Relative Evidentiary Standards?

Am I the only one who sees in the US official position on allegations by Israel and others of chemical weapons use in Syria, quite a different approach than the one the US has taken regarding allegations by Israel and others of a nuclear weapons program in Iran?  There was a very good story on NPR about the allegations concerning CW use in Syria this morning (see here) and of course it’s in other news outlets as well (see here).

The US seems to be requiring “conclusive evidence” of the use of CW in Syria before it will consider that its “red line” (where did this recently ubiquitous phrase come from anyway?) regarding Syrian use of WMD has been crossed, requiring the US to intervene in a significant way in the country’s bloody civil war. The standard being required by the US appears to be much higher than that required by Israel and also by France and the UK, who all appear convinced that CW have been used by the government in Syria against opposition forces.  In this Reuters piece, there is speculation that the US is trying to learn from its mistakes in the lead up to the Iraq war in 2003 regarding intelligence and the presence of WMD.  Some of that may be going on. But I can’t help thinking that what’s really going on here primarily is that, unlike the Iraq case in 2003, and unlike the Iran nuclear case, the US really does not want to get involved seriously in Syria, and so is moving the goalposts of evidentiary standard regarding WMD in this case so that they are unlikely ever to be met – intentionally.

I mean, think about all the US has done to Iran on the basis of nothing near “conclusive evidence” of an Iranian nuclear weapons program – in fact on the basis of no real evidence at all, and in the face of the US intelligence community saying Iran DOESN’T have a NW program. And yet the US has imposed crippling sanctions on Iran and has exerted every ounce of compulsory pressure it can muster on the basis of this lack of evidence.

What I’m saying is that the standard of evidence for the presence of WMD in the Iran case, the Syria case, and the Iraq case in US policy, seem very relative and circumstantial, and have much more to do with whether the US wants, for political, ideological, and self-interested reasons, to get involved in a specific situation, than it does with a consistent, law-based approach to dealing with suspected proliferation cases.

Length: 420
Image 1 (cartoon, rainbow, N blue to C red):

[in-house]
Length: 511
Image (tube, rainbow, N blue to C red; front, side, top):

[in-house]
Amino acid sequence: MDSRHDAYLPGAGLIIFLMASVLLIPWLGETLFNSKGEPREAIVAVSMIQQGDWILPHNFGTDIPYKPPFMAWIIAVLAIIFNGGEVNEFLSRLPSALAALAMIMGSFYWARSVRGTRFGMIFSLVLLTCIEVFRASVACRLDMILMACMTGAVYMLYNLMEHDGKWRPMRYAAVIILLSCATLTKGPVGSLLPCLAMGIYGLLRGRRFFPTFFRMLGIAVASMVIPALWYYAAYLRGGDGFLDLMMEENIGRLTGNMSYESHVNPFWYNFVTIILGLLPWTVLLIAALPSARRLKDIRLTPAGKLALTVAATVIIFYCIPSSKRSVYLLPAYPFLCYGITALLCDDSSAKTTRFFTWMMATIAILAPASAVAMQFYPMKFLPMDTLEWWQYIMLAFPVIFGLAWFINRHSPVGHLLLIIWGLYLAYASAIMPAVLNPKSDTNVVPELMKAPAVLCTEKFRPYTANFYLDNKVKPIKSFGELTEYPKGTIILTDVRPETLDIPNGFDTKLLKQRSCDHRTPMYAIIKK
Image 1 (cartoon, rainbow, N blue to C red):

This shouldn’t necessarily come as a surprise – its really just mirroring US policy in other areas, for example in humanitarian intervention. It’s common knowledge that the standard for serious US involvement in cases of humanitarian suffering has much more to do with the region where it is occurring, exactly who it is happening to, and what US economic and security interests will be served through getting involved, than it has to do with a consistent and genuine concern with humanitarian suffering. See the Kosovo case versus the Rwanda and Sudan cases.


12 Comments on “Relative Evidentiary Standards?”

  1. yousaf says:

    Good analysis, Dan.

    (As it happens, I think we should not get involved with Syria but not because of CW issues.)

    Re. the different standards, and the pre-occupation with Iran’s nuclear _capabilities_ I think it’s useful to go back to Huntington. In Samuel Huntington’s book the “Clash of Civilizations” there are some useful quotes on arms control post-cold war — e.g. excerpted in an essay here:

    Click to access The%20Clash%20of%20Civilizations%20-%20Samuel%20Huntington%20-%20-%20Foreign%20Affairs%20article.pdf

    “Another result is the redefinition of
    arms control, which is a Western concept and a Western goal. During the Cold War the
    primary purpose of arms control was to establish a stable military balance between the United
    States and its allies and the Soviet Union and its allies. In the post-Cold War world the
    primary objective of arms control is to prevent the development by non-Western societies of
    military capabilities that could threaten Western interests. The West attempts to do this
    through international agreements, economic pressure and controls on the transfer of arms
    and weapons technologies.

    “The conflict between the West and the Confucian-Islamic states focuses largely, although not
    exclusively, on nuclear, chemical and biological weapons, ballistic missiles and other
    sophisticated means for delivering them, and the guidance, intelligence and other electronic
    capabilities for achieving that goal. The West promotes nonproliferation as a universal norm
    and nonproliferation treaties and inspections as means of realizing that norm. It also threatens a variety of sanctions against those who promote the spread of sophisticated weapons and
    proposes some benefits for those who do not. The attention of the Wests focuses, naturally
    on nations that are actually or potentially hostile to the West.”


    One should also read John Mueller’s “Atomic Obsession” for some straight talk on the misuse of arms control — I recommend it to all my students:

  2. JP Zanders says:

    Dan, I am intrigued by your comment. What if the Obama administration is right to be sceptical about all the allegations? Have you considered that other states might be trying to push the USA across its self-imposed red line in order to have military intervention?

    I know I am hard to be convinced about CW use allegations, but I also know that it can happen. Syria is the kind of battlefield where by now everybody seems to be expecting that it should happen, so all kinds of symptoms are being attributed to chemical warfare without consideration of plausible alternatives.

    So the questions I am asking myself this time around are: